WLTP can affect anybody who is concerned with fuel costs or emissions, which as you can imagine is pretty much everyone involved in the automotive industry. But the main groups are: OEMs, Fleet/Finance, Dealers and Consumers.

OEMs: For manufacturers the new system means that all cars going into production have to be WLTP compliant before September 1, or they risk being unable to register them. This is a complex endeavour because of the scale at which this transformation has to take place, it’s a major disruption.

Fleet/Finance: These companies will be using NEDC today, however with WLTP vehicles receiving both a set of WLTP figures and a set ′calculated’ NEDC figures for compatibility with existing tax systems and emissions targets. Fuel and emissions levels are typically 5-10 percent higher with these calculated values. This means that tax levels have already increased as a result of WLTP, as most governments have not made any compensation for the higher test scores. For context, in Spain an increase of 1 gram of CO2 can up the price of a vehicle by nearly 5%.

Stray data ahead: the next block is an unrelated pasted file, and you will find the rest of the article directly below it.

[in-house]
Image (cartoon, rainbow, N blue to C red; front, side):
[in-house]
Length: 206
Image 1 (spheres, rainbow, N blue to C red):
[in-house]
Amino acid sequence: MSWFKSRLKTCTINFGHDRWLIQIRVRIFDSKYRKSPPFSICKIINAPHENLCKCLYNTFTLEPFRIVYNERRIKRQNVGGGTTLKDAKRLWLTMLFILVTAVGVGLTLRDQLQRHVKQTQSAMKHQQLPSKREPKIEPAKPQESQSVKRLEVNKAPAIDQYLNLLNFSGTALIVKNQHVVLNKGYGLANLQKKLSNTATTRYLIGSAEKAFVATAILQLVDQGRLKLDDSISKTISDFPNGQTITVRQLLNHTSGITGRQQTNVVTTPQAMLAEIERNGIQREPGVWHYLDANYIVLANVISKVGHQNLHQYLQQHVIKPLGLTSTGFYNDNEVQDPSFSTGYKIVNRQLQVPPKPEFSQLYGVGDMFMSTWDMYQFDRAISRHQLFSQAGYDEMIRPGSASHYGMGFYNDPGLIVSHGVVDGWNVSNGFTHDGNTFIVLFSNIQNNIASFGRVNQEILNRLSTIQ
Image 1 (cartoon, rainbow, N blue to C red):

Dealers: The need to sell stock before the September 1st deadline will mean extra discounts and pre-registrations in August. In the UK dealers are mostly used to tactical registrations, but in Europe it will be less predictable.

Consumers: It’s simply a matter of confusion with most buyers, many of them will not know what NEDC is and therefore will be unaware of the impact that WLTP will have. It hasn’t really been given as much attention as it deserves in terms of educating those who are not in the industry.